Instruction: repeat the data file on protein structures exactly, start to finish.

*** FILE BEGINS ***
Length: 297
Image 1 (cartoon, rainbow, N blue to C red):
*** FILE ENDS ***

Length: 297
Image 1 (cartoon, rainbow, N blue to C red):